If compound interest is so simple that it is taught in high school, how come it took Albert Einstein, arguably the greatest scientist in the world, to call it the 8th wonder of the world?
Was it to remind us that we forgot about a magic theory? Really, understanding compound interest is very, very difficult. The human mind does not comprehend such growth so easily. We in our physical selves have a simpler type of growth. So we do not comprehend compounding of growth. A few old, really old stories might just help.
Let us start with the famous story of the Persian emperor who was so enchanted with a new 'chess' game that he wanted to fulfill any wish the inventor of the game had. This inventor, a mathematician, decided to ask for one seed of grain on the first square of the chessboard doubling the amounts on each of the following squares.
The emperor, at first happy about such modesty, was soon to discover that the total yield of his entire empire would not be sufficient to fulfill the 'modest' wish.
The amount needed on the 64th square of the chessboard equals 440 times the yield of grain of the entire planet. Just try converting into money in any currency and you will realise the importance of compounding.
A similar analogy is that one penny invested at the birth of Jesus Christ at 4% interest would have bought one ball of gold equal to the weight of the earth in the year 1750. In 1990, however, it would buy 8,190 such balls of gold.
At 5 per cent, interest it would have bought one ball of gold by the year 1466. By 1990, it would buy 2,200 billion balls of gold equal to the weight of the earth!
The example shows the enormous difference 1% makes. It also proves that the continual payment of interest and compound interest is arithmetically, as well as practically, impossible.
Just see what a difference it would have made if your great grandfather had invested in a bank fixed deposit only Rs 100 say 150 years back. What it would have grown to?
Here is a dream sheet. See for yourself. Imagine Rs 100 is invested and it grows at 10 per cent every year.
Column 2 is what it will grow to if it was held for the number of years in column 1. So if your great grandfather invested Rs 100, 150 years ago, you would have inherited Rs 16 crore (Rs 160 million).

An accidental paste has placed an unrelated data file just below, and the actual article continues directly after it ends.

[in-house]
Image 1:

No. of years it is invested for: |
What it would grow to |
1 |
110 |
5 |
161 |
10 |
259 |
15 |
418 |
25 |
1,083 |
50 |
11,739 |
100 |
1,378,061 |
150 |
161,771,784 |
200 |
18,990,527,646 |
300 |
261,701,099,618,845 |
400 |
3,606,401,402,752,540,000 |
500 |
49,698,419,673,124,400,000,000 |
So what is the learning from this sheet? Even a 1 per cent difference can make a mountain of a difference, but the greatest difference is made by the number of years the money remains untouched. That is the key.
For those more mathematically inclined, I state below the formula:
Vn = Vo * (1+r)^n
'n' in the compounding formula is the number of times the amount is compounded.
But for practical purposes if you take that as the time for which you stay invested in an instrument, you would not be too wrong either.
What it means is that:
The amount of money that you require (Vn) is equal to the amount invested today (Vo) multiplied by [1+ interest rate (r)] raised to the number of times the amount is compounded (n).
In this formula you as a client can control how much money you want at the end of the waiting period (Vn), how long the money can be invested (n), and how much money you can invest today Vo.
Instead of worrying about 'r', just start investing. That is the key.
Takeaways:
- Start investing early.
- Do not touch the amount for a long time.
- Do not keep jumping from one investment instrument to another.
- Let the power of compounding work for you. It would have worked for your grand-dad, dad and you. If they knew it, great. If they did not, you can start the line. At least your grandchild will praise you for it.
- To see what it would have become over 500 years is fantasy. What it could have become over 150 is Ratan Tata.
- When you read about 'the rich get richer, and the poor get poorer,' it is not about socialism. It is about compounding.
The author is a chartered accountant and a financial domain trainer. He can be reached at pv.subramanyam@moneycontrol.com
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